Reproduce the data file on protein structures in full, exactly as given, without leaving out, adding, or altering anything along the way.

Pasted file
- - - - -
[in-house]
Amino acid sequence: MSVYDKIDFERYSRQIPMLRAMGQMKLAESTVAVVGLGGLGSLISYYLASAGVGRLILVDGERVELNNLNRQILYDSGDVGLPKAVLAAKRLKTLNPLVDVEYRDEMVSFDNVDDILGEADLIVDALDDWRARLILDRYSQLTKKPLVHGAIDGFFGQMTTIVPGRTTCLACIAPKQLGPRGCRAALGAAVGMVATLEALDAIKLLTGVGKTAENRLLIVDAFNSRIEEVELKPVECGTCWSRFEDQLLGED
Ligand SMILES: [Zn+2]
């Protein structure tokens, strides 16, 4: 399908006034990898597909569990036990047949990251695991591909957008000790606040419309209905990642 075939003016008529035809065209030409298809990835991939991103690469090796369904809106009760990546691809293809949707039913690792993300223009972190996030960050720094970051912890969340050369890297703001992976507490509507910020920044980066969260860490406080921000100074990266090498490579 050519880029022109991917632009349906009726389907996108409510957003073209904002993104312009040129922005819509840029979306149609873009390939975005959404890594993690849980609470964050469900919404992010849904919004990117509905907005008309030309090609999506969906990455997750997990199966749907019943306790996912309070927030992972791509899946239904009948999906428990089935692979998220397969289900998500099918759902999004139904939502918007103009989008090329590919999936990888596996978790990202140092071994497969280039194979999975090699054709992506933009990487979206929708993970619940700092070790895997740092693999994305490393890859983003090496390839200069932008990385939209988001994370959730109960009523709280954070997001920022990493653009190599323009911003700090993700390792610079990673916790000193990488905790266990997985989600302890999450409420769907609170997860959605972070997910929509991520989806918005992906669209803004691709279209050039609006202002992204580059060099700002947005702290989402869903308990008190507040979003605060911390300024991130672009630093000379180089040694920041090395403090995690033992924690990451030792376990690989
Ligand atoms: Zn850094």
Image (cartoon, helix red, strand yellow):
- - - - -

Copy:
[in-house]
Amino acid sequence: MSVYDKIDFERYSRQIPMLRAMGQMKLAESTVAVVGLGGLGSLISYYLASAGVGRLILVDGERVELNNLNRQILYDSGDVGLPKAVLAAKRLKTLNPLVDVEYRDEMVSFDNVDDILGEADLIVDALDDWRARLILDRYSQLTKKPLVHGAIDGFFGQMTTIVPGRTTCLACIAPKQLGPRGCRAALGAAVGMVATLEALDAIKLLTGVGKTAENRLLIVDAFNSRIEEVELKPVECGTCWSRFEDQLLGED
Ligand SMILES: [Zn+2]
């Protein structure tokens, strides 16, 4: 399908006034990898597909569990036990047949990251695991591909957008000790606040419309209905990642 075939003016008529035809065209030409298809990835991939991103690469090796369904809106009760990546691809293809949707039913690792993300223009972190996030960050720094970051912890969340050369890297703001992976507490509507910020920044980066969260860490406080921000100074990266090498490579 050519880029022109991917632009349906009726389907996108409510957003073209904002993104312009040129922005819509840029979306149609873009390939975005959404890594993690849980609470964050469900919404992010849904919004990117509905907005008309030309090609999506969906990455997750997990199966749907019943306790996912309070927030992972791509899946239904009948999906428990089935692979998220397969289900998500099918759902999004139904939502918007103009989008090329590919999936990888596996978790990202140092071994497969280039194979999975090699054709992506933009990487979206929708993970619940700092070790895997740092693999994305490393890859983003090496390839200069932008990385939209988001994370959730109960009523709280954070997001920022990493653009190599323009911003700090993700390792610079990673916790000193990488905790266990997985989600302890999450409420769907609170997860959605972070997910929509991520989806918005992906669209803004691709279209050039609006202002992204580059060099700002947005702290989402869903308990008190507040979003605060911390300024991130672009630093000379180089040694920041090395403090995690033992924690990451030792376990690989
Ligand atoms: Zn850094």
Image (cartoon, helix red, strand yellow):